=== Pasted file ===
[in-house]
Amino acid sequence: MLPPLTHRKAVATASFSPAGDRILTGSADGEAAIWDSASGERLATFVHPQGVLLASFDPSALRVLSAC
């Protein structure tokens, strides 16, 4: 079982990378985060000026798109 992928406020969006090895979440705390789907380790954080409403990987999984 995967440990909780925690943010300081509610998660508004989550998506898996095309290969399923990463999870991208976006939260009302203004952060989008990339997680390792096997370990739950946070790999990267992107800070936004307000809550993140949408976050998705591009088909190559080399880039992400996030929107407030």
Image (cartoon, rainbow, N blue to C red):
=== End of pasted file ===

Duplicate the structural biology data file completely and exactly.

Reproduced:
[in-house]
Amino acid sequence: MLPPLTHRKAVATASFSPAGDRILTGSADGEAAIWDSASGERLATFVHPQGVLLASFDPSALRVLSAC
């Protein structure tokens, strides 16, 4: 079982990378985060000026798109 992928406020969006090895979440705390789907380790954080409403990987999984 995967440990909780925690943010300081509610998660508004989550998506898996095309290969399923990463999870991208976006939260009302203004952060989008990339997680390792096997370990739950946070790999990267992107800070936004307000809550993140949408976050998705591009088909190559080399880039992400996030929107407030």
Image (cartoon, rainbow, N blue to C red):